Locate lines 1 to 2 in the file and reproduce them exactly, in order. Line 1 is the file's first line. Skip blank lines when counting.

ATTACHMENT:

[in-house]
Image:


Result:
[in-house]
Image: